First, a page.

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Farmington police, activist group react to Derek Chauvin’s guilty verdict

Chief Hebbe says kneeling on neck tactic is not taught or approved
A demonstrator holds a drawing depicting George Floyd, a Black man who died after being restrained by Minneapolis police officers, at a 2020 protest in Albuquerque. Derek Chauvin, one of the ex-police officers, was convicted April 20 of the murder of Floyd

FARMINGTON – The Farmington Police Department and a local advocacy group weighed in on the guilty verdict of Derek Chauvin, the former Minneapolis police officer who was convicted April 20 of the murder of George Floyd.

Bekah Davis, a founding member of 4Corners Coalition for Justice, said the group as a whole is relieved by the verdict and hopes it sets a precedent for future cases involving police brutality against people of color.

“We will continue to fight for accountability and justice for the many people who have been denied it, but more importantly, we need to figure out how to end police brutality,” Davis said.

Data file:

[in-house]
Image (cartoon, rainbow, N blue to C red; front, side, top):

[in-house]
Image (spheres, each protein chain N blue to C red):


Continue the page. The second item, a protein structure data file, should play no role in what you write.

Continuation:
The 4Corners Coalition for Justice is an advocacy group based in San Juan County that focuses on racial justice, police reform, food sovereignty and equitable treatment under the law.

The group formed last summer and has hosted a panel discussion with Farmington Police Chief Steve Hebbe about local policing matters; advocated for different bills, including the New Mexico Civil Rights Act that Davis said would end the use of qualified immunity; had an Earth Day cleanup event that rounded up hundreds of pounds of trash; and heard from attorney Jeffrey Haas about his work with the Black Panther Party.

When asked for a response to the guilty verdict, Farmington Police Department spokeswoman Nicole Brown referred The Durango Herald to a Facebook post Hebbe made May 28, 2020 – three days after Floyd’s death – saying Hebbe stands by those statements.

“The death of Mr. Floyd, after being handcuffed and taken into police custody, should NEVER have happened,” the post reads.

Hebbe added that nothing warranted a “handcuffed prisoner to have an officer kneeling on his neck until his death.”

“To be clear, this tactic is neither taught, nor approved by the Farmington Police Department,” Hebbe said.

Hebbe called it an important event that shouldn’t pass without taking notice.

“George Floyd should not have died that day,” Hebbe said. “If we as law enforcement leaders cannot plainly condemn this kind of event, we are failing our profession, our officers and our communities.”


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